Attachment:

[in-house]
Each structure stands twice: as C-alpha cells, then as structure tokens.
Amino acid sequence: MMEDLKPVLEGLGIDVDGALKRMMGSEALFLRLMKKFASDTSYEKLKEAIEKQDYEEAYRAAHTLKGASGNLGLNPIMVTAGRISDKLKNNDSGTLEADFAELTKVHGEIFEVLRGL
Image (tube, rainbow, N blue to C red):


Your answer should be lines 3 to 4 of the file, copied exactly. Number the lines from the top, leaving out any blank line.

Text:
Amino acid sequence: MMEDLKPVLEGLGIDVDGALKRMMGSEALFLRLMKKFASDTSYEKLKEAIEKQDYEEAYRAAHTLKGASGNLGLNPIMVTAGRISDKLKNNDSGTLEADFAELTKVHGEIFEVLRGL
Image (tube, rainbow, N blue to C red):